.NET StackOverflowException is a special type of exception. Starting with .NET 2.0 you can’t catch this kind of exception with a
try/catch block. Usually, it is a result of recursive method calls. Your program is out of free memory, and any clean-up does not make sense. Every time the .NET program has started, an instance of
StackOverflowException is created “just in case”. This way framework can throw it (and terminate itself immediately) even if there is no free memory.
Tracking StackOverflowException can be very laborious and challenging. As I will show you below…
IIS (w3wp.exe) crashes
The default IIS App configuration will restart the website after a crash. It is even possible to schedule a periodic automated restart manually. So every time the app crashes, it will respawn with a fresh copy. Additionally, after a crash, an EventLog entry will be added. Unfortunately, from the log, I was not able to determine what has caused StackOverflowException. We need more info to diagnose and fix the problem.
Firsts approach - jit-debugger
Microsoft recommendation is to install Visual Studio Just_In-Time Debugger. After that, when a crash occurs, you will be presented with the following message.
When you decide to debug a Visual Studio instance will be opened, and you can examine threads, memory, load .pdb files and conduct more tests.
Unfortunately (again!) in this case, Visual Studio could not display the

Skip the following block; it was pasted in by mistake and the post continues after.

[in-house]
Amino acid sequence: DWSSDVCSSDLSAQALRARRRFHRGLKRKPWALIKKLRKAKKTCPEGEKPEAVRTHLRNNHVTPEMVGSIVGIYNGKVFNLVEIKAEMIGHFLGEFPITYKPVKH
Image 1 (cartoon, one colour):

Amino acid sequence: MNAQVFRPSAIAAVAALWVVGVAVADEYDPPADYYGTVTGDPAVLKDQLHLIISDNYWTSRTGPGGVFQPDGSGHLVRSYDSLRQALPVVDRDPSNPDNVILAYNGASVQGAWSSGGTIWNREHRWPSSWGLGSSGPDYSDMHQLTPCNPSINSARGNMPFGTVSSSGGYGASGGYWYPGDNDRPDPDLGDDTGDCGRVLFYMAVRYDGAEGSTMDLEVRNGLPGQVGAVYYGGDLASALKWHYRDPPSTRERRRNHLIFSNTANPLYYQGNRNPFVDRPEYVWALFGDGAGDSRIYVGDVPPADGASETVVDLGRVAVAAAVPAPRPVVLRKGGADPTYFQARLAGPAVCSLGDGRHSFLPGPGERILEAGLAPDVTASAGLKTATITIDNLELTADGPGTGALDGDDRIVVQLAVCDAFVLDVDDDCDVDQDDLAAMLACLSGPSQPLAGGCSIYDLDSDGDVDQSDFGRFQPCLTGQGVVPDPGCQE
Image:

StackCall and I ended up with a pretty similar message as in EventLog.
WinDbg - the ultimate tool
WinDbg is a swiss army knife in Windows engineering ecosystem. Imho it is not a tool used on a daily basis by .net engineers, but it’s good to know about it. It has helped me a lot, also in the current case.
First, we need to have a
process memory dump. We can capture it using Visual Studio when jit-debugger kicks in. In
Debug menu there is a Save MemoryDump option.
We load the dump in WinDbg and run the following commands:
- .loadby sos clr - load .net symbols
- !sos.threads - show threads present in the dump
- ~<threadId>s - switch to the interesting thread
- !EEStack -EE
At this point, I was able to finally see which part of my code was causing the crashes.
In my case, the
StackOverflowException was caused by a buggy LINQ Expression called every 5 mins by an automated process… Regardless of user actions on the website. To confirm that this is the actual issue, I’ve commented it out completely - the crashes were gone.
Extras - .NET diagnostics tools
Here is a list of .NET tools I usually use for various investigations.
- Log Parser + GUI
- Process Explorer